The Russian parliament Thursday failed to muster enough votes to pass a resolution condemning the Kremlin's crackdown in Lithuania, where Soviet troops have seized another government building.
The legislature voted 117-51 in favor of the resolution, which had the backing of Boris Yeltsin, the Russian federation president. But the measure lacked by eight votes a majority of the 250-member body.The vote was a victory for Communist Party conservatives who have been demanding Soviet President Mikhail S. Gorbachev take tough measures against the separatist Baltic republics and other groups challenging central authority.
The resolution would have condemned pro-Kremlin National Salvation Committees in Lithuania and Latvia for appealing to the army in "a prepared attempt to replace the legally elected organs of state power."
It also declared that any similar committee would be unconstitutional in Russia, by far the largest of the 15 Soviet republics.
The Russian legislature postponed debate on the issue until Wednesday.
In the Lithuanian capital of Vilnius, Soviet tanks were seen moving overnight through the city, despite an appeal Wednesday from Lithuanian President Vytautas Landsbergis to Gorbachev to withdraw Soviet soldiers from occupied buildings.
A Lithuanian government spokesman said the situation was still dangerous.
Soviet troops seized the main publishing house and the main broadcast center earlier in the month, and "black beret" commandos occupied the central main paper and dye warehouse in the Lithuanian capital on Wednesday.
Meanwhile, U.S. officials said Soviet Foreign Minister Alexander Bessmertnykh will meet with President Bush this weekend as the administration nears a decision on whether to postpone next month's summit meeting in Moscow.
Bush has "made it clear he has really, really told Gorbachev in no uncertain terms," of his displeasure about the military crackdown against the breakaway republics, House Republican leader Bob Michel said Thursday as GOP leaders left the White House.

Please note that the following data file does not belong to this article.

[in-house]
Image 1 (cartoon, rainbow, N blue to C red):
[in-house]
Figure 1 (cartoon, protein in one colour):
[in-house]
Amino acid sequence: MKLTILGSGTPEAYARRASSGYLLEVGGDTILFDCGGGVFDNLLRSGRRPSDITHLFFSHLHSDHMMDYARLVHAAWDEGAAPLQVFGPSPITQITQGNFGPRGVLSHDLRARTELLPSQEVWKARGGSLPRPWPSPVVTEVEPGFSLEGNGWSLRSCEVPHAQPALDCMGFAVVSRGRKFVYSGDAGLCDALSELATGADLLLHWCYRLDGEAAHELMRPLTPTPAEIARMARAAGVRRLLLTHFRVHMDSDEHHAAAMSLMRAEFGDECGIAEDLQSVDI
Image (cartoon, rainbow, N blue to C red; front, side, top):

Michel said Bush indicated "he has to look at it in a little bit the bigger picture."
In Latvia, President Anatolijs Gorbunovs in a major concession to Moscow said he had accepted Gorbachev's demand for a referendum on independence in the Baltic republic.
Gorbunovs, briefing his legislature and reporters on Tuesday's peace talks at the Kremlin, also said Wednesday he agreed with the Soviet president that some laws passed by the nationalist controlled Parliament might have to be reviewed and possibly changed.
But the Latvian leader said he insisted to Gorbachev that his people could not "return to zero" and accept the authority of the Soviet Constitution in the republic, which was annexed in 1940 along with neighboring Estonia and Lithuania.
In a nationally televised address Tuesday night after his 21/2-hour meeting with Gorbunovs, Gorbachev expressed regret for the recent military assault in Lithuania and Latvia but refused to budge from his demand the two republics and Estonia follow Soviet law.
The cobblestoned Old City streets of Riga, Latvia's medieval capital of nearly 1 million people, remained heavily barricaded Wednesday with hundreds of volunteers manning checkpoints blocked by trucks, buses, concrete girders and netting.
In Washington, the House voted unanimously Wednesday to condemn the Soviet Union for its crackdown on the Baltic republics and to ask Bush to consider economic sanctions if it continues.
The 417-0 vote Wednesday came as presidential spokesman Marlin Fitzwater criticized Baltic-American leaders who had accused Bush of responding weakly to the recent violence in which at least 19 people were killed.